Tuesday, March 18, 2008

Afraid of our emotions, lacking any passion for worship or missions?

Chatting with a friend over lunch at the weekend I realising afresh that there are two parts of preparation for teaching the Bible. First to get it accurately. That's essential because without accuracy and understanding we don't have truth, we just have imaginations which will tend toward idols. But, secondly there is a need to feel it. To have the word of God detonate the heart. To have the word of God shine in our hearts to see Jesus. To have the word of God warm our hearts, revive the soul and awaken our affections in proportion to the truth being considered, as Jonathan Edwards put it.

Less than that would be idolatrous like lacking understanding. Less than that would be worse that lacking understanding, because it would be to see the glory of God in the gospel of Jesus Christ and to remain unmoved. That's to treat him with contempt, that's to mock God. I'm not saying it has to overflow absurdly. Being (in this sense) charismatic is not the personality disorder otherwise known as being an extrovert. But, what comes out of the mouth is the overflow of the heart, the fruit borne depends on the tree. The visible signs are normally signs of nothing, but if there is no heart-beat you have to wonder if someone is alive.

The church doesn't encounter new problems. This has happened before, over 200 years ago and it got called Sandemanianism. Martyn Lloyd-Jones writes on this: And the result was that the Church became entirely lifeless, and it really was not delivered from that condition until those great revivals took place under William Chalmers Burns and Robert Murray M’Cheyne, and people like them, in the 1830s and the early 1840s. For almost a hundred years, the Church of Scotland was in a parlous and lifeless condition, very largely owing to this kind of barren intellectualism.”

Andrew Fuller faced this down over 200 years ago from his church in Kettering. His other great gift to the church was to undo the anti-missional hyper-calvinism of his day and see it replaced with the kind of God-glorifying Carey-to-India sending missions that has got us moving toward seeing the whole earth filled with the glory of God.

John Piper's biography of Fuller shows... how his engagement with Sandemanianism recovered and preserved a kind of vital faith that is essential for missions, and his engagement with Hyper-Calvinism (or what he more often called High Calvinism) recovered and preserved a kind of preaching that is essential for missions. And in both cases, the battle was distinctly exegetical and doctrinal even though the all-important outcomes were deeply experiential and globally practical.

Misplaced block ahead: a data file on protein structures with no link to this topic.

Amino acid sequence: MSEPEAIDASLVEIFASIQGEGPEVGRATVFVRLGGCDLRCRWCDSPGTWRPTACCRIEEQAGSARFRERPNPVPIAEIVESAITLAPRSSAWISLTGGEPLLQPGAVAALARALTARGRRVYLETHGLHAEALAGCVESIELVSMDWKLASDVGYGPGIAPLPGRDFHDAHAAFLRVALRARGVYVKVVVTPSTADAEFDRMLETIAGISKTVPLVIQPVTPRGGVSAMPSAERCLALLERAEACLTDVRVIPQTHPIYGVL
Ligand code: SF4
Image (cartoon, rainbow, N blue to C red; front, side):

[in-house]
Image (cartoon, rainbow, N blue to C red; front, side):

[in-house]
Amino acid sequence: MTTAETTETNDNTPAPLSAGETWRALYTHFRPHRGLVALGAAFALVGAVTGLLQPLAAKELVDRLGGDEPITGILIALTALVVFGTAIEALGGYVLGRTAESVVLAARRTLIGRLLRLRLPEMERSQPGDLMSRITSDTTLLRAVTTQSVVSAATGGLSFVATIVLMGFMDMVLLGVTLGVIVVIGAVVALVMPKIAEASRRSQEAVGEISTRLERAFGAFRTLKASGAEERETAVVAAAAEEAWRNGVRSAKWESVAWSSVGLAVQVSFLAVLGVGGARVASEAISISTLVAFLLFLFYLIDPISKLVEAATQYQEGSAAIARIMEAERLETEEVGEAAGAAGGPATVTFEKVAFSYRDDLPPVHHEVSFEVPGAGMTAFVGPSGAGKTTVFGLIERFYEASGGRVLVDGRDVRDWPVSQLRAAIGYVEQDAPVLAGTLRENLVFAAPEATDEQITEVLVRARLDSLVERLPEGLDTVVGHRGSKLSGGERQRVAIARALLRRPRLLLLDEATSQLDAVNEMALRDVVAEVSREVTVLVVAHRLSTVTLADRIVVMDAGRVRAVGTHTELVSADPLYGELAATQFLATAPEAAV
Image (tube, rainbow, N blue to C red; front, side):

Observing that... To sever the roots of faith in regeneration, and to strip faith of its holiness, and to deny its active impulse to produce the fruit of love (Galatians 5:6) was to turn the church into an intellectualistic gathering of passive people who are afraid of their emotions and who lack any passion for worship or missions.Therefore, Fuller, the lover of God and missions, waged another battle against Sandemanianism for the sake of the church and the nations.

Piper concludes: Therefore, devote yourself to experiencing Christ in the gospel biblically and authentically. And devote yourself to understanding Christ in the gospel biblically and authentically. And may God ignite that experience and that understanding in such a way that your life will count like Andrew Fuller’s for the cause of world evangelization to the glory of Christ.

Mere understanding is not going to be enough when I come to study the Bible. Not enough by far.

17 comments:

  1. Surely, we are too depraved to have any good feelings?

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  2. Unless you have a new heart, and the Holy Spirit living in you...

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  3. Er...ok i get you. But what about the people who spend all summer jumping up and down and getting very emotional about their faith and then don't do any evangelism? In other words, there's also a big problem with fluffy emotionalism and no doctrine. Maybe, I would say, a bigger problem than the one you highlight.

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  4. Mo - can I make that follow up post to this one?

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  5. I think it's better to have no feelings. That way we can be really effective in evangelism...

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  6. Tom is obviously possessed today. Exorcise him Bish.

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  7. I pity the man in his house in Surrey with only a cat for company.

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  8. I think it's the cat that might need an exorcism. Everytime we open the bedroom door, she (Nibblet) races in and goes stright up the brand new curtains. Caroline (Nibbler) has nearly been in tears about it!

    I think that many of us would see a lot more fruit in evangelism and discipleship work, if we had a more biblical and more developed idea of what a human being is.

    See the brand new post on my blog.

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  9. Indeed.

    (was hoping you'd provide answers there rather than just a scary picture)

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  10. To be honest, I think that we have too readily settled into exactly that mode of 'what is the question?' -> 'here is the answer.' It means that we've been a little hasty in our adopting of a conceptual framework - or vision, of what a human being is. 'What is a human being?' 2 'a human being is an x.'